The case stems from the disposition of the estate of Michael Norwood, who died before he could face narcotics-related charges.
As a result of those charges and before Michael Norwood’s death, the Attorney General of Canada seized Norwood’s home at 11 Cassone Court and commenced proceedings to secure its forfeiture.
Pending Canada’s forfeiture proceedings, the Cassone Court property was sold on consent and the proceeds were paid into Canada’s Seized Property Management Directorate.
After Norwood’s death, Canada terminated its forfeiture proceedings, but before the proceeds of sale could be returned to Norwood’s estate, the Attorney General of Ontario sought its own forfeiture order under the Ontario Civil Remedies Act.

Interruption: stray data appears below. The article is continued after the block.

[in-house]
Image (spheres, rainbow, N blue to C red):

Michael Norwood’s mother, Rosa Norwood, notified Ontario of her claim to an interest in the Cassone Court property. Before Ontario’s forfeiture claim could be resolved, Ontario agreed with Rosa that she should receive $120,000 from the sale proceeds.
On May 6, 2020, pursuant to s. 18.1 of the Civil Remedies Act, Ontario moved for approval of this proposed “settlement”.
Michael’s estate (the “Estate”) and 947014 Ontario Inc. (“947”), a company Michael controlled before his death, opposed Ontario’s motion and the payment of funds to Rosa.
On June 4, 2020, the motion judge granted an order approving the “settlement” between Ontario and Rosa, which required payment of $120,000 to Rosa’s counsel in trust.
The appellants contend the motion judge erred in approving the agreement between Ontario and Rosa prior to a judicial determination that Ontario’s forfeiture claim was successful.